Standalone gradle plugin to aid in integrating OWASP ZAP (security analysis tool)
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README.md

ZAP Gradle Plugin

Automate web application dynamic security scans using OWASP ZAP.

Nearly all operations of ZAP can be automated using this plugin thanks to the ZAP API. Spidering and Active Scan are provided as tasks.

Originally based off plugin found here: https://github.com/PROSPricing/zap-gradle-plugin

TL;DR

plugins { 
    id 'com.patdouble.gradle.zap' version '2.0.2'
}

zapConfig {
    applicationUrl = "http://attackme.example.com:8080"
}
$ ./gradlew zapSpider zapActiveScan zapReport
$ ls -1 build/reports/zap
zapReport.err.log
zapReport.html
zapReport.json
zapReport.md
zapReport.out.log
zapReport.xml

Examples

The examples directory contains a multi-project Gradle build using several popular vulnerable web applications. The check task in each project starts the application, runs the spider, active scan and produces reports. The reports are in the build/reports/zap directory inside each sub-project.

You need a working Docker install to run the examples.

$ cd examples
$ ./gradlew check
$ ls */build/reports/zap

Getting the Plugin

The plugin is available from the Gradle plugins repository using the usual methods.

plugins {
    id 'com.patdouble.zap' version '2.0.2'
}

or

buildscript {
  repositories {
    maven {
      url "https://plugins.gradle.org/m2/"
    }
  }
  dependencies {
    classpath "gradle.plugin.com.patdouble:zap-gradle-plugin:2.+"
  }
}

apply plugin: "com.patdouble.zap"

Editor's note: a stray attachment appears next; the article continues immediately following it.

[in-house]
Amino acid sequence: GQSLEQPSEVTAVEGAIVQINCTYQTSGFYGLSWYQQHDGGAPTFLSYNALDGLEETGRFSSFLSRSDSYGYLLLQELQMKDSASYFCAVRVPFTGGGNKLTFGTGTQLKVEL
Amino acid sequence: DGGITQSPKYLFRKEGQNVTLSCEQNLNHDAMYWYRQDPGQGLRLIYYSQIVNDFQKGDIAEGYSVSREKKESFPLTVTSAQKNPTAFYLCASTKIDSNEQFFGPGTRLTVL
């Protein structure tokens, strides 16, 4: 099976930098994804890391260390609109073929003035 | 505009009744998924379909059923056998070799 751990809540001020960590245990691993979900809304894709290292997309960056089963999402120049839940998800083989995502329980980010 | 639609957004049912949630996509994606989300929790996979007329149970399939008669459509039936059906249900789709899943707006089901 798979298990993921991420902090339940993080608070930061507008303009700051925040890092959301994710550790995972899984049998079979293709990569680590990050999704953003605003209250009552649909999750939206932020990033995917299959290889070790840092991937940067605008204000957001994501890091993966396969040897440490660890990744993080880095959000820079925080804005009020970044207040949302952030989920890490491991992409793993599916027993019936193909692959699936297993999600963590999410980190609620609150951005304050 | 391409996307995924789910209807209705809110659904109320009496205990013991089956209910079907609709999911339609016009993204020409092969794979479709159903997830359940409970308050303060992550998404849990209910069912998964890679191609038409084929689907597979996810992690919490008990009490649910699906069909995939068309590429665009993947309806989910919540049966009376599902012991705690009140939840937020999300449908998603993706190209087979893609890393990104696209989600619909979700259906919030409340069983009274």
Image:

Finding the ZAP Application

By default the plugin will download version 2.7.0 of OWASP ZAP and use it. You can specify a version by including the following in your build.gradle:

zapConfig {
    version = "2.6.0"
}

If you'd rather use an already installed version, configure the install directory. The directory must include either zap.sh or zap.bat, the script used to start ZAP.

zapConfig {
    zapInstallDir =  "/path/to/ZAP/install/directory"
}

Configure Your Application

At a minimum you must configure the URL of your application that ZAP is to scan.

zapConfig {
    applicationUrl = "http://attackme.example.com:8080"
}

Optional Properties

There are a few optional properties that may be specified within the zapConfig section of the gradle file to further tune your use of ZAP.

zapConfig {
    // The port on which ZAP should run. Defaults to a free port.
    proxyPort = "9999"
    // The format(s) of the output report. Acceptable formats are JSON, HTML, MD and XML. Defaults to all.
    reportFormat = "JSON HTML"
    // The path of the report file to write from the zapReport task, without an extension. This path must be writable, subdirs will be created.
    reportOutputPath = "reports/dynamicscan"
    // The timeout for the active scanner process, in seconds. Defaults to 300 seconds.
    activeScanTimeout = "600" // 10 minutes
    // The API key to use when authenticating to the ZAP API. Defaults to a random value.